Victor Reppert is Blind as a Bat and I Can Prove It

I'll let you read this exchange between Vic and myself for yourselves. Do you see what I do? I said what I wanted to say there although I'll duplicate it below.

I don't even completely buy a sharp natural-supernatural distinction, and hence I am don't think it's perfectly obvious that God (the theon) is a supernatural being. In theory, God could enter into a scientific explanation, and we could predict God's behavior in much the way we predict the behavior of other unobservable entities. And I am not sure what would count as real evidence? Seeing a miracle? I have personally seen evidence of the paranormal myself.

Vic, what a deceived person you are. Here, get this truly brilliant book: How to Think about Weird Things. There are older editions of it at less cost. It's being used at the University of Louisiana in their critical thinking college classes. You need to take this class.

Really? I ran across this in an Amazon critique of the book.
In many places in the book, however, they dont appear to follow their
own advice. The book is full of exemplary analyses of 'strange' topics
such as near-death expeiences, UFOs, ESP and so on. In many of these
analyses, they appeal to the readers sense that these things are
'riduculous' or 'silly'. Instead of arguing these points
on-their-merits, the authors disregard their own good advice. For
example, in a section devoted to near-death experiences, the authors
describe the possible reality of these events as 'incomprehensible'. The
authors then use this as a reason to dismiss NDE. Well, perhaps NDES
are 'incomprehensible' simply for a lack of imagination. Also, the
authors should be reminded that quantum mechanics (the most accurate
physical theory ever created) is 'incomprehensible'-after 70 years
physicists still cant figure out if its real or what. Also, Occams razor
(a principle discussed and advocated in the book) suggests that taking
NDEs on face-value is reasonable since it is much less complicated than
the Rube-Goldberg explanations used to dismiss NDEs.
This looks like the book is committed to an uncritical dismissiveness.

No Vic, you are committed to uncritical dismissiveness. You did see the other reviews right? You would also be disagreeing with Dr. Keith Korcz who uses this text in his classes, as well as many others, since this college textbook is now in its sixth edition. For all I know the review was written by a believer who could not bring himself to think critically. It is most definitely not as he says. In my edition (4th) the discussion on NDE's takes place at the end of the book after having more than established throughout the book that we should doubt such things. And the authors look at the evidence and show there is no good reason to believe in NDE's.

I now consider you an idiot for grabbing one negative review off Amazon, written by an anonymous person who's credentials you haven't got a clue about, despite my recommendation and the recommendation of many other critical thinking professors who use it in their classes. You are a dimwit. Do not claim you were joking either. I don't buy it.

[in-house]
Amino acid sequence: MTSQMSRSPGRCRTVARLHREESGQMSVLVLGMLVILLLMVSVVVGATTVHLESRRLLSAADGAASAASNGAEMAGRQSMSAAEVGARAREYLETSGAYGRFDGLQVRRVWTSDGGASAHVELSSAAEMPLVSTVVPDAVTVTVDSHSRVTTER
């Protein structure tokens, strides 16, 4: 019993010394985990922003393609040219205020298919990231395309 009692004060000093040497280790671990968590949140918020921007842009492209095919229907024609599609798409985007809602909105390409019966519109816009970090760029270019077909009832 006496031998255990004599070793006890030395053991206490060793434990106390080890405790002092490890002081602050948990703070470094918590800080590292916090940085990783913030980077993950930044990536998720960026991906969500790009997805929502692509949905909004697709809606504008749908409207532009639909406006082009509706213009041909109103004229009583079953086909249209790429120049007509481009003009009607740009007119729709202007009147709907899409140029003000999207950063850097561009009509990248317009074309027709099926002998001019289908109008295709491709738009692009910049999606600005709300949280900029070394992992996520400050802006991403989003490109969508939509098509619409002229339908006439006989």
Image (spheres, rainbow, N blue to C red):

Is this how you decide the merits of a book? You are indeed blind. The proper response was for you to say, "that looks like an interesting book," and leave it at that. If this does not slap you in the face as to what you're doing then nothing will. When I say you are blind this proves it. Do not claim you are skeptical about your faith. You aren't. Whenever you do from now on I will link to your incompetency right here.

I would never dream a college professor would dismiss a book like you just did. You should be fired. I'm dead serious. How dare you even claim to have the critical thinking skills to write about the Argument From Reason. You are clearly unreasonable. Palpably unreasonable. Obviously unreasonable. How do you even get along in life? It makes me wonder.

In any event I don't see exactly how the book is a specific response to what I said. The point I am driving at is that these are pretty complicated topics, and the issues are controversial, and I hardly think they can be settled straightforwardly by one book.

If you say "You're deluded and this book proves it," and put that in place of an actual argument, then I think all I have to do is just point out that the issues are, and remain, open to controversy and debate.

I probably should have been clearer about just what claim my quotation from the review was supposed to support.

But if I could take one instance of trigger-happiness on your part and draw a decisive conclusion that you are an incompetent thinker, I would have plenty of material to work from. I don't think that such a move would be a legitimate assessment, but it would be easy to make.

Vic, I linked to this on the front page. I find you to be a very sloppy thinker.
I had said (for the reading impaired):
Vic, what a deceived person you are. Here, get this truly brilliant book...You need to take this class.
I never hinted that this book or class would change your mind or prove you wrong. I cannot hope for that since you are blind. I only thought it was brilliant and worthy of your consideration.

That's my recommendation. It's still my recommendation. Even though it's for college students you could learn a few things from it and from taking that class. Now I think that more than before.

We all make mistakes, sure, but this one is huge. It reveals how stupid you can be in defense of your faith. That's a claim I make in that edited book of mine The End of Christianity coming out in a month--that defending the faith makes people stupid.